Tuesday, October 28, 2014


Big Fat Book October Update: The Game of Kings


Reporting progress on my Big Fat Book Project. I have now finished 12 of 25 hours of The Game of Kings by Dorothy Dunnett. This means I should've read around 250 out of 554 pages in the paper copy.

BUT Dear Reader, I cheated. The book got too exciting for me. I raced ahead and devoured the paper copy. Or rather, the story devoured me.

My exercising was hijacked by an old injury on my right knee flaring up and worsening. As a result, the audio part of the BFB Project went kaput. As I have mentioned before, without a mindless activity to occupy my body, my mind doesn't merely wander, it roams far and wide. Sitting in a chair listening is not an activity for me. So while I have now thoroughly enjoyed, finished, and digested the paper copy, I have given myself till December 31 to finish the audiobook. I sincerely hope I can achieve that goal comfortably, and I'm not up late in the week between Christmas and New Year's swotting.

As I read ahead, I—guiltily—abandoned reading with the dictionary and Google at my elbow. Even assiduous googling didn't always yield satisfactory results. In the comments of my September post, reader simhedges had recommended The Ultimate Guide to Dorothy Dunnett's The Game of Kings by Laura Ramsey as the perfect companion guide to the book. I had planned then on reading it as a side-by-side-third-go-through of the main text. That book has been bought, but remains largely unread.

I gave up on understanding every word and every phrase and every nuance. There were far too many of those pesky references to historical events, movements, and people; literary allusions; and foreign languages. I was too engrossed in the story to take the time to slow down and really understand every word. I hope to read the companion book next month as I continue with the audiobook.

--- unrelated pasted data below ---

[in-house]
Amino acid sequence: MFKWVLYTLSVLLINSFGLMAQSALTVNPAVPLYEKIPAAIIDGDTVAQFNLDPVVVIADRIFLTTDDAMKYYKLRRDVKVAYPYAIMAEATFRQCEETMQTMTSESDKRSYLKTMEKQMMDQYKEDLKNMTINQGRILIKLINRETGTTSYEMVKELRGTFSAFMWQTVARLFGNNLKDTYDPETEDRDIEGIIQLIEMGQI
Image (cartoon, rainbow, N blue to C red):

I really wonder what Dunnett's personal library looks like for her to be able to sprinkle all these into her narrative.

I do understand that some books are like a thin-crust pizza: everything is visible on the surface. And yet others are like onions, you peel and peel and peel and uncover something more you hadn't noticed before. Discovery is the joy of re-reading books such as these. While this is certainly the case with Dunnett's book, it did cross my mind a time or two that it was striving to be so more than being organically so. A minor quibble in an overwhelmingly fabulous read on many levels.

For a tome with a huge cast of characters and movement of said people hither and yon and involved in this or that, the book is paced perfectly. It's neither so fast as to be overwhelming and discombobulating, neither does it drag. That was my primary fear of taking on a big book: Would I have to slog through the book page by torturous page just to say, "I did it"? I did not want this to be my Crime and Punishment.

Fortunately, that hasn't been the case, in fact, far from it. It was engrossing reading whether or not Lymond was in the scene. The Lymond scenes were admittedly slightly anxious reading/listening ones for me: I was always anticipating his perpetrating some other outrage on some other hapless head.

At the beginning of the month, I remember thinking: I am eagerly awaiting the scene where something or someone is going to give Lymond his comeuppance. Oh, certainly not bring him to his knees—that would be too common—but just put a check in his arrogant, insouciant stride and give him a moment of mental discomfort.

Let me tell you that there was karma even in Lymond's world!

Last month, I had written: "This has got to be one heck of a character arc for Lymond. My imagination fails me in picturing Lymond's transformation from anti-hero to hero."

Well, let me also tell you, Dunnett delivers! By God, she does.

[For reference, here are my July, August, and September updates.]


4 comments:

Victoria Janssen said...

That whole last section is a DOOZY.

Keira Soleore said...

You could not have imagined the scene on the last page had you seen the first scene at Midculture. Dunnett truly redeems him and it's magical how she did it. I'm re-reading it next month.

Babs B said...

I started this years ago and have been meaning to get back to it. Your post gets me back in the mood for it. :) Are you going to continue the series?

Keira Soleore said...

Babs, thank you for stopping by to comment. I'm going to be re-reading The Game next month and reading the companion book alongside. I still need to also finish the audiobook.

For next year, I first have Tartt's Secret History for my BFB Project. But after that, I'd like to read book 2 of the Lymond series.

I hope you get back to The Game. I found the growth in Lymond's character to be fascinating.